Exposure and understanding help shape great writers. That’s why we need to be intentional with our reading. Below is a lesson I learned, and how it can help you, too.

Mix up the books

A few years ago, I listed all the books I read that year. Seventy-five percent of what I read was about World War II and written by white men. I was shocked. 

Do you know the writers whose work I had never read? The list included names such as Toni Morrison, Willa Cather, Joan Didion, James Baldwin, and Ta-Nehisi Coates. These are writers who excelled at their craft, and I was not consuming their words. Not to mention, I wanted to write fiction. And yet, the only books I read were nonfiction. 

Nicholas E. Barron quote: "Branching out beyond your comfort zone can help you discover new voices and improve your writing."

We all make choices, either consciously or unconsciously, in what we read. Maybe your bias is in the genre. You like mysteries, and so all you read are mystery novels. 

Or, your bias could be in authors. I didn’t intend to read only books by white guys. It just happens that a lot of books about World War II are by white men. Look at a list of the past dozen or so authors you’ve read. Are they all one gender, race, ethnicity, and so forth? 

We can also be partial in where our books’ settings. Shortly after discovering my predilection for World War II books, I realized I rarely read something set in Africa. Now I rotate into my reading pile books taking place in Africa.

There are many ways we pick the books we read. And we may have the best of intentions in our choices. But branching out beyond your comfort zone can help you discover new voices and improve your writing.

improve your writing by reading diversely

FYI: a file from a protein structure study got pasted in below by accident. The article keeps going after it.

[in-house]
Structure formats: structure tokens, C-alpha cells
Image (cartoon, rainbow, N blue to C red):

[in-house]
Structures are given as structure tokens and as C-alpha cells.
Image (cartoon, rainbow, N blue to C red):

Reading Baldwin’s Giovanni’s Room shook me. Discovering Willa Cather changed my understanding of what stories a writer can tell. Consuming Toni Morrison’s work is like crawling into the lap of a master.

Becoming more intentional in my reading has enhanced my writing. I’m a better writer now than when I was reading World War II books. And I understand and appreciate more who a writer can be and what stories they can tell. 

You can have the same experience. Look at the books you’ve recently read. Are there commonalities among them? The authors may be similar, or the books are in the same genre. See if there are ways you can expand what you read.

And, once you do, reevaluate after some time. Two years after I broadened what I read, I realized something. I hadn’t read a book published within that time. Everything I read was older than two years. So, I adjusted. Now I work new books into my reading.

Writers should read, yes, but the words we consume matter. Being intentional about your reading will improve your writing. So, reach beyond your typical reads to discover new authors and worlds. And watch yourself grow as a writer.


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This article originally appeared on Medium.